review is justified. With that said, this review is focused on the many
"hats" that Jerry Lewis wore in the making of The Day the Clown Cried.
More than 40 years later, the reason behind him not making the entire
movie public is more clear.
As the Producer, Jerry had to work with other financial people in order to make this movie happen. With multiple speculations along with recent interviews, it has been confirmed that Jerry had an uphill battle in order to make the movie happen. This alone can ruin a movie, let alone guarantee it to flop. In several scenes we see wonderful production value. Costumes, locations, props are historically accurate. In others, we see a lack of this. Some of the scenes lack substance due to lack of budget. Filmed in Sweden, you could tell that they did the best with what they had to work with. Many of the Actors work well while others are do not. This is a perfect example of some of the children in the prison scenes. Many are well cast while others appear like obvious local extras.
As Director, Jerry had successfully directed may Paramount comedies throughout the 1960's. His quality as a Director would have made him a well seasoned professional for the 1972 production. However, although the premise of the movie is about a Clown, The Day the Clown Cried is far from a typical Jerry Lewis comedy. Having been able to direct himself many times before was never a problem. Yet for a drama, this may have added to the pressure of producing a better performance for a drama.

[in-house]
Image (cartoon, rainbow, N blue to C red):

As an Artist, one's pride can get the best of oneself. Whether you are from France or not, there is evidence to conclude that Jerry Lewis is a comedic genius. For decades, Jerry Lewis has made people laugh. As a professional, Jerry Lewis has pushed himself to get the very best from his performance and budget. Speculations have convinced fans that Lewis was taking drugs (pain killers) during the production of the Day the Clown Cried due to a physical ailment. I believe this made his performance both good and bad. In many scenes of the movie, we see this. Some scenes are emotionally driven with a real dramatic overtone of acting. I believe the emotional pressure of the film can been seen on Lewis's face during his performance. At times, you can see his character overwhelmed and losing hope. These moments are overpowering. Other scenes lack this quality for the same reason. Some scenes are quickly shot and are void of the same quality as before. This falls on the shoulders of the Director.
Finally, and most importantly, as a Jew, Jerry Lewis is quoted in the documentary about what that means to him and to what he was aiming to do with the movie's overall message. This Hat alone can overwhelm anyone making a movie involving the Holocaust. Steven Spielberg refused to take any payment for his work on Schindler's List because he felt it would have been blood money. The fear of a negative audience reaction to the movie is one thing to handle. It is something completely different if you are excommunicated and labeled for benefiting from the murder of millions. Jerry Lewis had the fear of not only ruining himself professionally but personally as well.